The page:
In France, President Nicolas Sarkozy says the death knell has rung for freewheeling, U.S.-style capitalism. German's finance minister calls it downright "dangerous." Even the leader of more Wall Street-friendly Britain says financiers need closer watching, maybe on a global scale.
What Europeans call, often with a hint of derision, the "Anglo-Saxon" model of capitalism — with less rules, less government and, for years, more growth — is now being called fatally flawed as the financial crisis strengthens advocates of tighter regulation of banks and financial markets in Europe.
It's a political shift that could recalibrate the economic direction of Europe as it braces and tries to survive the financial aftershocks from the earthquake that has rocked and destroyed financial institutions across the Atlantic.
The crisis has put new momentum behind measures to be unveiled by the European Commission on Oct. 1 that include plans to strengthen rules on the capital that banks must hold back and the way credit rating agencies are overseen. Other measures being pushed by some European leaders in response to the crisis include bans on short selling of securities and tighter controls on executive compensation. The European Parliament called this week for tighter controls on hedge funds and private equity investors, an idea so far rejected by top EU officials.
Sarkozy, initially quiet on the crisis, in now proving among the most outspoken critics of the bankers and lenders who led Wall Street to disaster. He says they must punished, at least financially.
On the issue of executive pay, made even more of a hot-button topic by Wall Street's turmoil, he's given business leaders in France until the end of the year to agree to more "acceptable practices" or said he'll do so through parliament — which his party controls.
"The idea of the all-powerful market, unconstrained by any rule or political intervention, is mad. The idea that markets are always right is mad," Sarkozy said in a stinging speech Thursday, sounding more like a leftist on a soap box than the conservative he professes to be.
The financial industry, he thundered, has "perverted the fundamentals of capitalism."
After years of enduring calls from economists and corporate executives to free up their economies with a more hands-off, Anglo-Saxon style of governance, Europe's leaders have leapt at the opportunity provided by the U.S. financial meltdown to vaunt the merits of continental Europe's more interventionist traditions. There's been some quiet gloating in Europe, combined with real fear that the U.S. turmoil will freeze growth, push unemployment back up and make it tougher for nations and households alike to make ends meet.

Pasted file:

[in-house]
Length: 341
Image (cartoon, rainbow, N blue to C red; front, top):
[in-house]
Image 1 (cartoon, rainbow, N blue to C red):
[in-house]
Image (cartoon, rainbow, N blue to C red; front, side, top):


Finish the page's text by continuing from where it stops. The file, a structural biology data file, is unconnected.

German Chancellor Angela Merkel said last week that the United States had been irresponsible to let major banking and credit institutions operate with too little government oversight.
Merkel pointedly recalled that she tried to win support for greater transparency and regulation on international markets at the G-8 summit of world leaders in Heiligendamm, Germany, last year but that governments including that of U.S. President George W. Bush did not heed her warnings.
"In the beginning, there was no chance without people saying: 'Let the markets get on with it, we don't need more transparency, and everything is working with rating agencies,'" Merkel said.
"Now we have moved on — because America, and Britain too, are saying: 'Yes, we need more transparency. Yes, we need better standards for rating agencies.'"
Merkel's finance minister, Peer Steinbrueck, went even further on Thursday, when he criticized what he called an "Anglo-Saxon" attitude in the U.S. and Britain that encouraged risky lending and investment practices because of "an exaggerated fixation on returns."
"The argument used by these 'laissez-faire' purveyors was as simple as it was dangerous," he told German lawmakers.
German government spokesman Ulrich Wilhelm said Germany considered itself "vindicated," and said that in addition to ongoing efforts to ensure better liquidity and risk management, leading industrial nations should consider whether more action is needed.
Even British Prime Minister Gordon Brown, long considered a safe pair of hands when he ran the British treasury but now overseeing an economy tumbling toward recession, is playing the "told-you-so" card.
Speaking on the BBC, Brown called for more international cooperation in supervising the financial industry and reform of international institutions such as the International Monetary Fund and the World Bank.
"This set of events is making people realize that some of the things that we proposed years ago, but we couldn't get consensus on, need to be done," he said.